Beat the blues: 6 ways to boost your child's wellbeing and happiness

Cold weather and short days can make January a difficult time of year - with 21 January, known as Blue Monday, said to be the lowest point for many. But what if we started using this day as an opportunity to focus on boosting our wellbeing and happiness?

Encourage your family to make a point of doing something that makes them feel good. Here are some ideas to try with your child (or for yourself).

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1. Collect words of kindness
Encourage your child to spend a time collecting nice things that people have said or written about them. This could be cards, emails, feedback from teachers, or something a friend has said. If the words were spoken in person, suggest your child writes them down.

The process can help to highlight how much they are valued by others, and build self-esteem. Keep the collection in a safe place so your child can find it any time.

2. Write a compassionate letter
Suggest your child writes a letter of support to themselves. If they want, they could address the letter to a ‘friend’. This friend has the same qualities as your child. They have the same strengths and weaknesses, and feel insecure and sad about the same things.

Ask your child what they’d say to a friend who felt as they do. Get them to write their thoughts down, and then address any worries or doubts. Make sure they make an effort to be kind, understanding and forgiving. This is also an opportunity to remind the friend of all their good qualities. Suggest your child keeps the letter and re-reads it whenever they need encouragement.  

3. Create a happiness jar
Make a jar for happy memories. When good things happen, get your child to note it down on a piece of paper, fold it up, and put it in the jar. These events can be big or small.

To kick off, get them to think of a few happy moments in the past week. They can then keep noting things down as and when other positive events take place. Reminding themselves of the good bits of life in this way not only help lifts their mood but can help to build gratitude for everything they have.

4. Take a moment to breathe
Get your child to put aside between 10 minutes and half an hour to relax. Suggest they use the time to focus on doing as little as possible. It should be time to just let themselves ‘be’ and reflect on their day, instead of trying to achieve anything. Help them to create a peaceful space where they’ll find it easy to take time out.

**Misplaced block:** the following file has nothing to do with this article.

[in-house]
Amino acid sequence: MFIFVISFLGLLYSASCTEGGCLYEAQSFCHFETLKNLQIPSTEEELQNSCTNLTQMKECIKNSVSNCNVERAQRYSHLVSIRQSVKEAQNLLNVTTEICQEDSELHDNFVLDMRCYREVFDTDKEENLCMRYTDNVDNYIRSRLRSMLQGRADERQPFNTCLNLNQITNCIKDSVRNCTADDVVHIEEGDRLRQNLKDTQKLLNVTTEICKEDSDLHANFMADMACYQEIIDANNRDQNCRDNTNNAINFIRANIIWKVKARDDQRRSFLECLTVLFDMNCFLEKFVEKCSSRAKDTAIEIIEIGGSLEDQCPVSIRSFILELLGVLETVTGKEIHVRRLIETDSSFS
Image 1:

If useful, they could listen to some calming music, or use a soundtrack intended for meditation (Spotify has some playlists for this). Another approach to try is ‘box breathing’ - a deep-breathing technique that can help improve relaxation and focus while relieving anxious feelings. It’s quick and easy to find instructions online to guide you.

5. Give your child’s health a boost
Use the day to focus on your child’s physical health (closely linked to mental and emotional wellbeing). This might be playing some sport or getting out for a walk together, enjoying the feel-good hormones released by exercise. Or you could make a meal for the family that’s both healthy and delicious. Check for inspiration online (try searching ‘healthy’ on the BBC Good Food website).

6. Lift someone else's mood
The mood of those around us affects how we feel. This means our behaviour has the power to boost someone else’s mood. Encourage your child to be mindful of this as they go about their day. What type of vibes do the think they’re giving off to those around them?

If something happens during the day to upset them or their friends, can they find a positive spin on the situation? Are they sensitive to how others are feeling? Suggest they make a point of doing something nice for themselves, and for someone else.

Have you explored the rest of the site yet? Take a look at our advice on topics such as anxious feelings, loneliness and self-esteem.